Truthfully, I could go on and on about this subject, but it's one I too find particularly close to my heart. The honest to goodness truth of the matter is though, I'm no where near as funny as Amy. So, rather than me prattling on and on about my own thoughts and opinions on the subject, let me just direct you to Amy's book. When Did I Get Like This? The Screamer, The Worrier, The Dinosaur-Chicken-Nugget Buyer, and Other Mothers I Swore I'd Never Be is by far one of the funniest books on parenting I've ever had the pleasure of reading. It's no wonderful Amy is the star of her own popular one-woman show titled Mother Load. (Which I might add, I really really wish would come to Oklahoma!!!) It's a hilarious tale of motherhood through the eyes of one of us. Amy writes from within the inner sanctum of mommyville, capturing perfectly the charm and sheer craziness of being a parent (mom or dad). With a unique perspective that only someone on the inside can have, Wilson shares some of her darkest mommy moments and how through them she became an even stronger mom, woman, and wife. It's candidly smart and funny, and is for sure a book any mother would be blessed to read.
Thank you to Amy and her agent who allowed me this review opportunity. It's been an incredible delight and honor!
~Bookish Mom aka RebekahC
Tuesday, June 22, 2010
The Hat I'm Wearing
Like most working moms (that would be ALL of us, of course!) I’m a serious multi-tasker and wear a lot of hats. I’m the grocery shopper, the primary cook, the laundress, the chauffeur, the homework nag, the fan in the stands—whatever it takes at that moment to make our home and our lives run smoothly. I’m also a writer with deadlines and other professional responsibilities.I’m both proud of and horrified by how many things I can accomplish in one day and have become somewhat addicted to the thrill that comes with crossing something off the daily ‘to do’ list. It’s a great psychological ‘pat on the back’ – something homemakers and mothers all too rarely get.
I have been known to whine on occasion, but mostly I’m OK with constantly juggling work and home.However, who I am at any particular point in time can be confusing. (This is not an esoteric issue but one of name and identity.) Because I married late and was attached to and known by maiden name, I decided that I would keep it professionally and take my husband’s last name legally and socially.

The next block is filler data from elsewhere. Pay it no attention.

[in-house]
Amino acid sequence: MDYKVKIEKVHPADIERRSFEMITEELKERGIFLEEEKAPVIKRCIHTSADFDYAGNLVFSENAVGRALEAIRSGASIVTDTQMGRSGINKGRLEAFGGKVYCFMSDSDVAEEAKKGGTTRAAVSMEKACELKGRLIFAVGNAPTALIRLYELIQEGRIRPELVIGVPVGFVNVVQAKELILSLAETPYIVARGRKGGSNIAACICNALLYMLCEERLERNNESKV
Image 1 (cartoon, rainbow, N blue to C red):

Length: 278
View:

So I stayed Wendy Wax for work and became someone else entirely in our personal life. As a longtime ‘W’ it’s been kind of nice to shoot up to the beginning of the alphabet, even though my days of being called on in class or lining up alphabetically are pretty much over. At the time I decided to split my identities, everything was separate and easily defined; I did talent work and video and film production then and my two worlds rarely collided.
But then I had children as one person and sold my first book as another. And the confusion inherent in having two distinct identities began.After all these years of split personality, I still occasionally get confused.
Am I the baseball mom working concession, taking tickets or cheering from the stands?
Or the author in the bleachers staring down at her laptop instead of the game trying to complete one more chapter?
Am I the guest speaker whose audience will be enthralled by everything I say?
Or the mother who talks to walls because she lives in a house of males with highly selective hearing?
Am I out in the world driving car pool, shopping for groceries, and picking up the dry cleaning? Or am I the frantic writer on deadline, holed up in my office unshowered and still wearing pajamas?
Sometimes I have to stop and take a minute to figure this out. I need to get my name straight in my mind before I walk into that room.
I read an article recently about how important it is not to separate the parts of your life but let them all exist and flow together. But if I were unable to shut out my real world for long enough periods of time, I would never have completed a novel let alone eight of them. And there have been times when real life got tough, and it was nice to be able to retreat into the fantasy world I was creating.
Most of my novels are set in the suburbs and revolve around women living lives similar to mine.
My characters, like most of the women I know, tend to wear many hats and sometimes feel overwhelmed.
I’m not sure that there’s any solution to this, but if we ever meet and I hesitate slightly before I introduce myself, just know that it’s not at all about you.
Monday, June 14, 2010